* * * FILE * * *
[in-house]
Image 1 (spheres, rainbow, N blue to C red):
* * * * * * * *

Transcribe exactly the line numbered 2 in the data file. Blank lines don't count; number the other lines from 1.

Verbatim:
Image 1 (spheres, rainbow, N blue to C red):